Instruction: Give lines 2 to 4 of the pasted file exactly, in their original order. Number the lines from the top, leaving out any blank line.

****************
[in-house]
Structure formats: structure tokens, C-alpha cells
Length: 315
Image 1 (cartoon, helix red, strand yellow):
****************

Structure formats: structure tokens, C-alpha cells
Length: 315
Image 1 (cartoon, helix red, strand yellow):